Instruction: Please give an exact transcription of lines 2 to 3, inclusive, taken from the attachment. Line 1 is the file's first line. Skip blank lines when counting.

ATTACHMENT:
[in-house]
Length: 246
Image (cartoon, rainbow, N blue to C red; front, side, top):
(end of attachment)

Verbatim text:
Length: 246
Image (cartoon, rainbow, N blue to C red; front, side, top):